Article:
Roslyn Train Station
Then: Circa 1910s & Now: 2022
When the Roslyn Rail Road Station was built in 1887, the Roslyn News called it “the handsomest station on the branch”. The Long Island Rail Road restored it in 1922, moved it in the 1960s, and again in 1986. In spite of these changes, its basic structure has been preserved.
However, one renovation did provoke considerable objections from none other than Christopher Morley – the journalist, novelist, essayist, and poet- who did not approve of how the original brick walls had been covered with stucco. His protests were so vehement that when later LIRR president Goodfellow considered moving the station, he said “I can feel the ghost of Christopher Morley breathing over my shoulder.”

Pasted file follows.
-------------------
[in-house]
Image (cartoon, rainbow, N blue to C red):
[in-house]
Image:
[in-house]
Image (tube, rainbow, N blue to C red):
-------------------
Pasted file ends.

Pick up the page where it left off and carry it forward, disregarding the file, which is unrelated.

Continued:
The horse and buggy in the 1910 photograph may have belonged to another prominent resident, Clarence Mackay, who commuted from his Harbor Hills mansion to his office in New York City. Mackey must have been a flamboyant fellow, for he is said to like arriving at the station accompanied by a blast of coaching horns.
To propose a location for a “Then & Now: North Hempstead”, please send an email to Town Historian Ross Lumpkin email@example.com.